The Defend Trade Secrets Act (DTSA) states very clearly that an injunction issued pursuant thereto may not “prevent a person from entering into an employment relationship,” and that any conditions placed on a former employee’s employment in an injunction must be based on “evidence of threatened misappropriation and not merely on the information the person knows.” (Emphasis added). This language appears to bar injunctive relief under the DTSA based on the “inevitable disclosure doctrine,” which in some states permits a court to enjoin a former employee from working for a competitor—even in the absence of a signed non-compete agreement—if it can be established that the employee would “inevitably” (even if inadvertently) use his or her former employer’s trade secrets on behalf of a new employer. As a result, when the statute was first enacted, many commentators assumed that claims based on the inevitable disclosure doctrine would quickly be shot down. In practice, however, that does not appear to be the case. At the very least, some recent federal court decisions have sown confusion around this issue.

We recently wrote about a federal court’s ruling in the Northern District of Illinois that applied the inevitable disclosure doctrine to a DTSA claim. Despite its non-precedential value, this ruling was significant because it interpreted a federal law to allow the application of a doctrine that has been expressly rejected in several states, including California, Maryland, and Virginia, and, again, appears to be barred by the plain language of the DTSA. That case can perhaps be explained by the fact that it was decided on a motion to dismiss, not a motion for injunctive relief, and thus the DTSA’s apparent prohibition on basing an injunction on inevitable disclosure was not necessarily implicated. The same cannot be said about a decision that was issued just three weeks later by the United States Court of Appeals for the Third Circuit, in which the Court applied the inevitable disclosure doctrine in the context of a temporary restraining order. The case is Fres-co Systems USA, Inc. v. Hawkins, 2017 WL 2376568 (3rd Cir. June 1, 2017).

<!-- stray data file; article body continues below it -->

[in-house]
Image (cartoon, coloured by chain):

In 2016, Kevin Hawkins notified his employer, Fres-co Systems, that he was resigning from his position as a sales representative to work for a direct competitor of Fres-co, Transcontinental Ultra Flex, Inc. He also informed Fres-co that not only will he be working for a direct competitor, but he will be selling a competing product as well. When Fres-co reminded Hawkins of his one-year non-compete and non-solicitation agreement, he refused to confirm that he would not solicit Fres-co customers with whom he had worked while at Fres-co, and would not commit to honoring the terms of his agreement.

Fres-co then filed suit against Hawkins and joined Transcontinental, alleging, among other things, misappropriation of trade secrets under the DTSA and the Pennsylvania Uniform Trade Secrets Act. Fres-co moved for a Temporary Restraining Order to enforce Hawkins’s non-solicitation provision and to prevent the disclosure of any of its trade secrets. Fres-co claimed that Hawkin’s position gave him access to confidential information, including “customer lists, price lists, and marketing and sales strategies.” Hawkins opposed the motion and attached an affidavit in which he denied awareness of any Fres-co trade secrets and represented that he would not disclose or use any confidential information that he learned at Fres-co while working for Transcontinental.